Diana O’Toole is perfectly on track. She will be married by thirty, done having kids by thirty-five, and move out to the New York City suburbs, all while climbing the professional ladder in the cutthroat art auction world. She’s not engaged just yet, but she knows her boyfriend Finn, a surgical resident, is about to propose – days before her thirtieth birthday. Right on time.
But now she is stranded, alone on what was planned to be a romantic idyll with Finn. Unfortunately, Finn is trapped thousands of miles away, and Diana is on one of the world’s most beautiful islands with no food, no luggage, and no place to stay, forced to test her personal limits to survive.
Struggling to find her feet, Diana gradually connects with a local family when a teenager with a secret opens up to her. As Diana helps her fight her demons, she learns more about herself, and about the islands of Galapagos, where Darwin developed his theory of evolution. The dramatic and sometimes dangerous terrain reflects Diana’s own experiences, her new relationships and growing awareness that she too is evolving into someone quite different.
A near-death experience brings Diana abruptly back to familiar city surroundings, where she tries to pick up the threads of her old life. Has she changed or have the people around her? Diana is no longer prepared to be just a follower, at work or in her relationships. She breaks down years of estrangement with her mother, takes the initiative in her career, and looks at Finn through new eyes.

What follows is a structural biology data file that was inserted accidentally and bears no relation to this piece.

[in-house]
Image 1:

Jodi Picoult’s novels have become some of the most celebrated in contemporary fiction. From the immensely popular My Sister’s Keeper to the more recent The Book of Two Ways, it seems that whatever Picoult touches turns to gold. Wish You Were Here is no exception. It’s a fascinating, thought-provoking tale from one of the world’s best storytellers.
The story takes place during COVID-19, and while I’m not particularly keen on being reminded of these difficult times, Picoult weaves the pandemic into the story in a way that doesn’t feel forced or uncomfortable to follow.
The novel follows protagonist Diana who finds herself stranded on The Galapagos Islands due to a COVID-19 lockdown. I’m not going to lie, after spending lockdown in my tiny, inner-city apartment, I would jump at the opportunity to self-isolate here. Isabela Island in particular made for a fascinating setting, one that Picoult brings to life through meticulous research and vivid detail. While the setting does shift to New York City later in the novel, it was the islands that I found most alluring.
Wish You Were Here is a powerful, timely and relevant story that examines our connection with the world and taps into the essence of the human experience. This is yet another brilliant read from the extremely talented Jodi Picoult.